Many homebuyers are looking to escape to a rural property and avoid the hustle and bustle of the city. It may seem like a dream to live a quiet country life, but there are a few things to consider before taking the plunge.
1. Check the Zoning
It is vital to check how the rural property is zoned. The zoning will dictate how you can use the land, what types of buildings are allowed and the location. The property might be zoned as residential, agricultural or country residential, among other titles.
How the property is zoned can affect lenders, the amount you qualify for, and what you can do with the property. Some lenders are hesitant to finance agricultural/country residential zones due to differences in lending and foreclosure processes.
2. Property Boundaries
Once the property has been zoned correctly, the next step is to book a survey. A survey will mark the property boundaries and avoid any future controversy. Now would also be a great time to appraise the land and its value.
3. Considering the Land and your Mortgage
In most cases, lenders follow the basic mortgage formula: one house, one outbuilding and up to ten acres of land. What purchasers don’t realize is that the amount of land can drastically affect the mortgage qualification and what you can borrow. If there is extra land or additional buildings on the property that is being purchased, consider that you will need over 5% of the typical down payment.
4. Water and Sewage
Rural living can have various water and sewage options, from city water and sewage to private wells and septic tanks. Plan to get an inspection done to ensure everything is safe and working correctly and make it a condition of the purchase offer, including testing the water quality and getting the septic tank inspected. Inspections outside the city will cost more than inside the city, but having a piece of mind will be worth it. The inspection will be an essential step as lenders will sometimes request potability and flow tests.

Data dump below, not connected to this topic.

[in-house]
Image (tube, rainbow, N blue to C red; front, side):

5. Coverage Matters
Coverage becomes very important when living outside of the city limits. Here are the top two rural property coverages you should consider:
- Home insurance: It’s no secret that home insurance costs more for rural properties due to the distance from the city’s fire stations and hydrants, but it is vital to purchase.
- Title insurance: This is the other essential insurance to purchase. It will protect you from unforeseen disturbances with the deed or transfer. It will also make you aware of any improper use of the property (i.e., dumping waste).
Here are a few guidelines if you are considering purchasing a home or land in a rural area. However, there are many more things to ponder. Seek a mortgage professional specializing in rural properties and locations to make buying one easy.
Contact your local REALTOR® who is familiar with the countryside properties to aid in your search today!
A newly constructed home is an excellent option for new home buyers. It allows you to pick the features you want. They are move-in ready with new appliances. You could even pay a little more and add things like a fence. Buying a newly built home is more complicated than purchasing a resale house, but completing your own research and hiring a knowledgeable agent can help you through the process.
A REALTOR® might not be your first choice when buying a newly constructed home, but you should seriously consider it. It’s easy to feel like paying an agent isn’t the best deal, but they will bring a wealth of experience to the transaction. However, the buyer doesn’t have to pay a commission when the home is newly built. The builder pays the commission to the REALTOR®. If you are buying a resale or new pre-construction property, this is the same in both cases. An agent would be familiar with the builders in the area and which ones to recommend or avoid. It is also possible to find an agent that specializes in new construction, and they can highlight the best deals on the market.
Research the Builder
In the age of technology, many resources are available to the buyer, such as doing your own research about a builder. Many websites offer reviews and allow people to make more precise choices themselves. However, hiring an agent can also be beneficial to cross-check facts and obtain a second opinion. There might be a few “popular” developers, but one should check the number of homes they have completed, if they were on schedule, or if they were cancelled or delayed.
Some builders’ homes might appear perfect, with all the wants a buyer needs on the surface, but read reviews to ensure they don’t cut corners or if previous buyers have had past issues. Another thing to keep in mind is that for the last two years, lumber prices have skyrocketed, and building materials have become scarce, which drives up the costs and adds delays in construction.